|Environmental Geology & Mineral Resources||Online Publications|
|Report of Investigation 25: Abstract|
PETROLOGIC AND CHEMICAL INVESTIGATION OF CHEMICAL WEATHERING IN MAFIC ROCKS,EASTERN PIEDMONT OF MARYLAND
Emery T. Cleaves, 1974
Microenvironments of chemical weathering were investigated for eight mafic rock weathering profiles by petrologic and chemical methods in the eastern Piedmont of Baltimore and Harford Counties, Maryland. The chemical weathering is a constant volume process, whereby 30 to 60 percent of the original rock mass is removed as dissolved solids in percolating groundwater. In the transition from rock to saprolite, original rock minerals are replaced by secondary minerals of lesser density, bulk density decreases and porosity increases. Mineralogically, the transition is accompanied by the replacement of alumina-poor minerals like hornblende and plagioclase by more aluminous ones such as montmorillonite, kaolinite, and gibbsite. The mineral changes reflect the relative enrichment of alumina contrasted to silica, although silica, alumina, and alkali and alkaline earth cations are all leached out of the system.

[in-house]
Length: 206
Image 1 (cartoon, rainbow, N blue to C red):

In poorly-drained domains, the environment is weakly acid to alkaline and reducing. Alteration of the alumino silicate rock minerals yields montmorillonite, kaolinite, aqueous silica and various cations. In contrast chemical weathering in well-drained domains proceeds in an acidic, oxidizing environment and yields kaolinite, gibbsite, hydrous ferric oxides, amorphous matter plus aqueous silica and various cations.